American Gardening 20(257): 831 (Nov. 25, 1899)
Use Cold Water
RECENT experiments at the Wisconsin Station have fully demonstrated the uselessness of warming water to be applied to plants through the soil. Many cuttings of Coleus, transplanted tomato plants, beans, radishes and lettuce were used in the repeated experiments, the temperatures of the water ranging from 32 degrees to 100 degrees. The plants receiving water at a temperature of 32 degrees—freezing point—grew as well and yielded as well as those watered with water at 70 degrees or 100 degrees. "The soil about the roots of the plants so quickly regains its original temperature that no check to growth is likely to result." These tests were made in the greenhouse, and in the open ground ice water was used in watering beans and radishes with results fully as good as when warm water was used. "From the results of these and numerous other trials the conclusion appears fully warrantable that the growth of ordinary field and garden crops is not affected by the temperature of any water ordinarily available for irrigation purposes."
American Gardening 20(259): 831 (Dec. 9, 1899)
Cold vs. Warm Water
Iowa Agricultural College
To the Editor of American Gardening
THE results secured at this station last winter, in using water of different temperatures in watering plants, do not agree in all particulars with those reported by the Wisconsin Experiment Station, and quoted in your issue of November 25. Plants under glass were used only. The results of our experiments may be summarized as follows:
(1) There was practically no difference in the results secured by the use of water between 45 and 75 degrees.
(2) Water at temperatures between 32 and 34 degrees had a distinctly dwarfing effect upon all plants treated.
(3) Water at temperatures between 75 and 100 degrees caused a weak and somewhat spindling growth.
(4) Hardy plants, like Geraniums, were less influenced by cold water than tender plants like Coleus.
(5) The best Geranium plants were grown by the use of water near the freezing point, while the poorest Coleus were produced by the same temperature.
I am not prepared to say that there is "nothing in" this watering business.
American Gardening 20(261): 878 (Dec. 23, 1899)
Cold vs. Warm Water For Watering Plants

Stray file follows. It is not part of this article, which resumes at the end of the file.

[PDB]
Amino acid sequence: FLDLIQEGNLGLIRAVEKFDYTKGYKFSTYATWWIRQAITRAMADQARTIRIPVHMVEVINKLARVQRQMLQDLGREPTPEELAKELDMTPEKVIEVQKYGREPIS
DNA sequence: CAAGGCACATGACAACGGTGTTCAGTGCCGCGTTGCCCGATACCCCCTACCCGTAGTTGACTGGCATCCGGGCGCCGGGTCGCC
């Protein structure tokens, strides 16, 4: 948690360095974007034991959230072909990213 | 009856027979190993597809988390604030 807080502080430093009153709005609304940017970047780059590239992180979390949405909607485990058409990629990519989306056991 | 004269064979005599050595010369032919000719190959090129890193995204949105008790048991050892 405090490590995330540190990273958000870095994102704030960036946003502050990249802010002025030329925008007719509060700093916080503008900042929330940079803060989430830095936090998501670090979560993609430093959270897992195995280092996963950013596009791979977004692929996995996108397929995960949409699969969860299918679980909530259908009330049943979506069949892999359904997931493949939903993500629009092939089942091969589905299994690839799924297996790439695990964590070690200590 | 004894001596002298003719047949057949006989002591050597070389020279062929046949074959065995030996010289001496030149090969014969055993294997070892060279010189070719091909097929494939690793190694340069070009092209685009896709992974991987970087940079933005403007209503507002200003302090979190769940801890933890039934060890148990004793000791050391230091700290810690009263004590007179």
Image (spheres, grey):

Wis. Exp. Sta., Madison, Wis.
To the Editor of American Gardening
A note by Prof. Craig in the issue of December 9, discussing the influence of cold water on the growth of plants, prompts me to give a brief review of the work done at the Wisconsin Station that readers of American Gardening may be better able to compare results.
A variety of plants were watered with ice water, among others beans, tomatoes, Coleus, Geraniums and Begonias. Similar plants were watered with water at 50°, at 70° and at 100°. After trials covering two years. it was concluded that:
1—Water at as nearly the freezing point as was possible to obtain, produced short-jointed and stocky plants, but in no case affected the health or vigor of the plants. Coleus plants so treated were excellent in every respect, with well-developed colors and healthy foliage.
2—There was no discernible difference between the plants of Coleus, Geraniums, etc., watered with water at 50° and at 70°, but in the case of the vegetables, a slight difference was noted in the yields.
3—Water at 100 in many cases caused a rather spindling growth, in the case of the Coleus, etc., but affected the yield of tomatoes, etc., but little.
The above refers to plants grown in pots and on raised benches. Similar results were obtained with plants in solid beds and in the open ground.
I fall to note that the results differ greatly from those obtained at the Iowa Experiment Station, except in the case of Coleus. One point cited by Prof. Craig is worthy of careful consideration by every greenhouse man—viz.: "There was practically no difference in the results secured by the use of water between 45° and 75°."
Similar results were obtained at the Wisconsin Station.
This is really the important point and the one that affects the florist. It is not expected that florists will use water at 34° nor at 100°; these points were selected in our work here as the extremes, with intermediate temperatures that more nearly represent the temperature of water used in greenhouses. If the temperature of the water available for use in the greenhouse is 45°, will it pay to put in an expensive tempering apparatus to raise it to 75°?
In the light of our present knowledge of the subject, it is reasonably safe to say that the money might be expended more profitably in other directions.
Cranefield: Cold vs. Warm Water for Greenhouse Plants. 14th Ann. Rpt. Wisc. Expr. Sta. 1897
Cranefield: Cold vs. Warm Water for Plants. 15th Ann. Rpt. Wisc. Expr. Sta. 1898